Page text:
As for the interviews, they were well done, whether one agreed with the judgments expressed or not. The point was to present something of a diversity of views but in a way that respected the seriousness of the subject matter, and the show was successful at that. Here are some of my concerns with what actually made the cut in the show: 1) if you are doing a whole show on the shroud of Turin, and you fail to mention the shroud went through a medieval fire that singed the cloth, and certainly could skew the carbon dating of the cloth, then you’ve left our something very important. There was no mention of the fire. This was a serious oversight, even with the time constraints of a 42 minute show. One can debate whether the fire changed the dating or not, but not that there was a fire that singed the cloth. 2) there was no mentioned of the tests done on the cloth in regard to pollen, the weave of the cloth etc. all of which point to a Judaean provenance for the shroud, not a European one. 3)my understanding is that when in 1988 the cloth was allowed to be carbon dated, obviously only pieces from the edge, not the image of the cloth were allowed to be snipped off and tested. Nothing is said about the fact that the cloth had been repaired after the fire around the frayed edges, but this is in many of the books written about the shroud. To this day, I do not know whether the portions of the shroud carbon tested were from the repair, or from the original. But someone should have checked. 5) I thought the comparison with the face cloth housed in the cathedral in Spain was well done, showing a possible similarity in the pattern of the blood stains which since the sudarion dates to well before the middle ages calls into question a medieval date for the shroud of Turin. 6) much less convincing but a new and interesting suggestion was the camera obscura suggestion. As David Gibson pointed out however, if this technology in fact existed in the middle ages, why is the shroud the only surviving example of it being applied? I found the discussion interesting but there were some dodgy bits as the British would say: 1) the image on the shroud is a double image, both front and back head to toe, toe to head. It would impossible with the camera obscura to reproduce such an image since it could only photograph one side of the body at a time. My point is that the shroud is not two pieces of cloth sown together, but one long piece of cloth with a frontal and dorsal image on it. There is also some question about whether in the middle ages they knew about the right chemicals and how to mix them and soak the cloth to produce any kind of image on the cloth. What was especially unconvincing was the argument that the blood would have been applied to the cloth after the image was created. But if that’s so, why is the blood stain (and it is clearly a blood stain, that’s been tested) only on the surface of the cloth. I was also unconvinced that someone concocting the cloth in the middle ages would have been satisfied with producing a ‘negative image’ on a cloth, if he wanted to pass it off as a holy relic with a possibly recognizable image of Jesus on it.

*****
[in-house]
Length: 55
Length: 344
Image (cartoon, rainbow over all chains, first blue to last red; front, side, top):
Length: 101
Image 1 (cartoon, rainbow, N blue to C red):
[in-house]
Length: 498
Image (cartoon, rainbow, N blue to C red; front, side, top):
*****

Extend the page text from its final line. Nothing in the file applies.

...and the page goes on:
Finally, there have been some interesting art history documentaries done asking the question where exactly the standard depiction of Jesus first came from. The very earliest depiction I know of is of an image of Jesus as like Apollos, the sun deity. But well before the middle ages we have this standard image of Jesus, hair, beard, prominent nose, etc. and the question is where did it come from? One answer that some of these art history shows have conjured with is, that the earliest artist had seen the shroud. If that’s possible then a medieval date for the shroud is impossible.

Let me say again, that as a docu-drama, I thought this was better than many of them, and I look forward to the remaining five episodes.